Posted on 07/03/2011
Saturday 19th March 2011
A postgraduate symposium hosted by the Drama and Theatre Department at Royal Holloway, University of London
Venue: 16 Acton Street, Kings Cross, London, WC1X 9NG
We live in a time that is characterised by ‘posts’: we are postmodern, poststructuralist, postcolonial, postfeminist; people are becoming posthuman; and theatre, responding to cultural changes is, in certain quarters, postdramatic. What do all these ‘posts’ mean for the human subject? When the borders of human beings and the world we know shift, what new identities and forms are negotiated? And what are the implications of such negotiations politically, philosophically, culturally, and dramaturgically?
The act of critically exploring the representation of different kinds of people, ways of being, and modes of representation functions to open up stories about who we think we are, who we might have been, and who we might become. The aims of this symposium are to identify patterns, trends, clusters, and paradigms in representations of human beings in contemporary drama and theatre and to observe the ways in which contemporary modes of thinking about humans revise past representations.
SYMPOSIUM NOW FULL
It is with regret that we announce that registration for the symposium is now closed as the symposium is fully subscribed. If you would like to contact the conference organisers for any reason, please email them at drama.conferencerhul.ac.uk. Thank you.
THE DAY ITSELF
The symposium will open with Dan Rebellato interviewing the fabulous director Katie Mitchell. Not only is Dan a brilliant and entertaining interviewer but Katie is always fascinating to listen to, so this section of the day will undoubtedly be one of the highlights. The day will be ending at 8.00pm (the last section lasting 6.30-8.00pm): over glasses of wine, while being entertained and provoked by some remarkable performances, and with time built in to socialise, we hope to provide delegates with the opportunity to reflect on the day and also to engage with each other in a casual setting. And in the interim period, we have Dan Rebellato's keynote paper entitled, 'Inhuman, All Too Inhuman', which, I predict, will be entirely and wonderfully brilliant and provocative; a workshop held by the cutting-edge artistic director and academic Julia Barclay; and a range of fascinating papers, provocations, workshops, and performances by postgraduates and early-career academics from all across the world tackling a wide range of ideas, theories, and arguments relating to what it means to represent the human in drama, theatre, dance, and performance today.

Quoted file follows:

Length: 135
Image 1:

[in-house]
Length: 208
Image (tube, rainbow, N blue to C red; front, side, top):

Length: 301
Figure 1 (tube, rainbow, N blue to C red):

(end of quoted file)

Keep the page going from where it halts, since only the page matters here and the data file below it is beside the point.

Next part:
HOW TO FIND US
The symposium is taking place at the Centre for Creative Collaboration, 16 Acton Street, Kings Cross, WC1X 9NG. The nearest tube is Kings Cross and the venue is a short walk from the station. Buses are close by. For more detailed information about how to get there and a map, please click on the following link: http://www.creativecollaboration.org.uk/where.php
. Please be aware that the entrance is somewhat unprepossessing and you will need to press the buzzer to gain entry.
THE CENTRE FOR CREATIVE COLLABORATION
The Centre itself is a wonderful, valuable, and free resource and we are grateful for its support of our project. The venue describes itself as 'A neutral place where people from many different backgrounds - universities, large corporates, SMEs, freelancers - can work together on new things in the belief that real innovation happens at the edge and in the gaps between disciplines'. In short, it is a place that seeks to bring together people from different interests and backgrounds to think and to work beyond the boundaries of traditional disciplines and methodologies and thence to find creative and unconventional answers to their questions and problems. I very much hope that our own symposium, in bringing together a range of people from a range of interests who are themselves cross-fertilizing traditionally discrete disciplines, can move some way towards posing and attempting to answer some of the key questions that face us today in relation to this most crucial of contemporary questions: who do we think we are?